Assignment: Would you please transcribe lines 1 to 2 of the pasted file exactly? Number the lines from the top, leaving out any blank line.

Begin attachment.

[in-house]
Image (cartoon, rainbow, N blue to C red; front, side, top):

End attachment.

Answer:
[in-house]
Image (cartoon, rainbow, N blue to C red; front, side, top):